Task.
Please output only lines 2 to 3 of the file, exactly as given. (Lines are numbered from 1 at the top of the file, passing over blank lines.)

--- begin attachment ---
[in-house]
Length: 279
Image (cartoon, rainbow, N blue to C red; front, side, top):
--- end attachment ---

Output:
Length: 279
Image (cartoon, rainbow, N blue to C red; front, side, top):